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tutorial_subsystem

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 tutorial_subsystem [2014/07/12 07:43]guillaume [Extension domain] tutorial_subsystem [2017/04/19 13:31] (current) Both sides previous revision Previous revision 2014/07/14 11:59 guillaume [Transformations involving subsystems] Commands added2014/07/14 11:51 guillaume [Extension domain] 2014/07/14 11:33 guillaume [Syntax of Use Equation (without extension domain)] 2014/07/14 11:33 guillaume [Extension domain] 2014/07/14 11:29 guillaume [Syntax of Use Equation (without extension domain)] 2014/07/12 08:00 guillaume [Transformations involving subsystems] 2014/07/12 07:43 guillaume [Extension domain] 2014/07/12 07:33 guillaume [Extension domain] 2014/07/12 07:00 guillaume Part 1 posted2014/07/07 11:51 yun created Next revision Previous revision 2014/07/14 11:59 guillaume [Transformations involving subsystems] Commands added2014/07/14 11:51 guillaume [Extension domain] 2014/07/14 11:33 guillaume [Syntax of Use Equation (without extension domain)] 2014/07/14 11:33 guillaume [Extension domain] 2014/07/14 11:29 guillaume [Syntax of Use Equation (without extension domain)] 2014/07/12 08:00 guillaume [Transformations involving subsystems] 2014/07/12 07:43 guillaume [Extension domain] 2014/07/12 07:33 guillaume [Extension domain] 2014/07/12 07:00 guillaume Part 1 posted2014/07/07 11:51 yun created Line 7: Line 7: Let us assume that we want to compute the mean of the values of a vector. It is feasible through the following Alpha system: Let us assume that we want to compute the mean of the values of a vector. It is feasible through the following Alpha system: - + affine mean {N | N>0} affine mean {N | N>0} input input Line 21: Line 21: ​ - However, let us assume that you already have another Alpha system which computes the sum of the elements of a vector. It is possible to use this affine system (instead of rewriting its equation in the main system), by calling it through a "use equation": + However, let us assume that you already have another Alpha system which computes the sum of the elements of a vector. It is possible to use this affine system (instead of rewriting its equation in the main system), by calling it through a **use equation**: - + affine sum {P| P>0} // Computes the sum of the elements of a vector of size P affine sum {P| P>0} // Computes the sum of the elements of a vector of size P input input Line 49: Line 49: In general, the syntax of a use equation is the following: In general, the syntax of a use equation is the following: - + use subsystem_name[list of parameters] (list of input expressions) returns (list of output variables); use subsystem_name[list of parameters] (list of input expressions) returns (list of output variables); ​ - If your subsystem ​have several parameters/​inputs/​outputs,​ you have to provide them in the order in which they are declared. + If your subsystem ​has several parameters/​inputs/​outputs,​ you have to provide them in the order in which they are declared. Line 60: Line 60: - Let us assume that you have a system which computes a dot product ​between ​two vectors: + Let us assume that you have a system which computes a dot product ​of two vectors: - + affine dotProduct {N | N>0} affine dotProduct {N | N>0} input input Line 73: Line 73: ​ - If you want to compute a matrix vector multiplication using this affine system, you will need to call it once per rows of the matrix. Thus, you will need a parametrised number of call to the "​dotProduct"​ system. + If you want to compute a matrix vector multiplication using this affine system, you will need to instanciate ​it once per rows of the matrix. Thus, you will need a parametrised number of call to the "​dotProduct"​ system. It is possible to do it by using an extension domain: It is possible to do it by using an extension domain: - + affine dotProduct {N | N>0} affine dotProduct {N | N>0} input input Line 94: Line 94: float vectRes {i | 0<​=i<​R};​ float vectRes {i | 0<​=i<​R};​ let let - use {k | 0<​=k<​R} dotProduct[R] ( (k,​j->​k,​j)@mat, (k,​j->​j)@vect) returns (vectRes); + use {k | 0<​=k<​R} dotProduct[R] ( mat, (k,​j->​j)@vect) returns (vectRes); . . ​ - The set "{k | 0<=k<​R}"​ before the subsystem name is called ​an extension domain. We are calling the system "​dotProduct"​ once, for each instance of "​k"​ in the extension domain. We can use the indexes of the extension domain to parametrize the parameters, inputs given to the subsystem and the outputs computed by the subsystem: + The set "{k | 0≤k<​R}"​ before the subsystem name is called ​the **extension domain**. We are calling the system "​dotProduct"​ once, for each instance of "​k"​ in the extension domain. We can use the indexes of the extension domain to parametrize the parameters, inputs given to the subsystem and the outputs computed by the subsystem: - the indexes can be used to specify the parameters (ex: "​R+k"​) - the indexes can be used to specify the parameters (ex: "​R+k"​) - - the first dimensions of the input expressions correspond to the dimensions of the extension domain. For a given subsystem call kInst, the corresponding input sent is the one where the first dimensions are set to "​kInst" ​(ex: in the previous example, the third call to "​dotProduct"​ will obtain ​"​(j->​3,​j)@mat"​ and "​(j->​j)@vect"​ as inputs). + - the first dimensions of the input expressions correspond to the dimensions of the extension domain. For example, each row of "​mat"​ will be sent to a different instance of the subsystem ​(ex: in the previous example, the third instance of "​dotProduct"​ will receive ​"​(j->​3,​j)@mat"​ and "​(j->​j)@vect"​ as inputs). - the first dimensions of the output variables correspond to the dimensions of the extension domain. All the results from every subsystem call are gathered inside common variables (ex: "​vectRes[3]"​ is the output of the third instance of "​dotProduct"​) - the first dimensions of the output variables correspond to the dimensions of the extension domain. All the results from every subsystem call are gathered inside common variables (ex: "​vectRes[3]"​ is the output of the third instance of "​dotProduct"​) Line 109: Line 109: ====Transformations involving subsystems==== ====Transformations involving subsystems==== - (incoming, after the previous incoming) + **InlineSubSystem:​** Inline the equations of a subsystem inside the affine system calling it. The use equation of the main system is replaced by the equations of the subsystem ​(which are adapted), and new local variables are added. + + The command is: ''​void InlineSubSystem(Program program, String systemName, String label)''​ where ''​label''​ is the label of the inlined use equation. + + + **OutlineSubSystem:​** Given a list of equations of an affine systemm, outline them inside a new system and replace these equation by a use equation. The current version (July 2014) do not allow to specify an extension domain, however this is a work in progress. + + The command is ''​void OutlineSubSystem(Program program, String system, String listEquations)''​ where ''​listEquations''​ is the list of label of the equations to be outlined.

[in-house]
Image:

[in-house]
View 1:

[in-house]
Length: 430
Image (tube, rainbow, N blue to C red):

tutorial_subsystem.1405172604.txt.gz · Last modified: 2014/07/12 07:43 by guillaume